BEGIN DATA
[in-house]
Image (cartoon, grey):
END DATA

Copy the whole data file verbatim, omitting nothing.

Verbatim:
[in-house]
Image (cartoon, grey):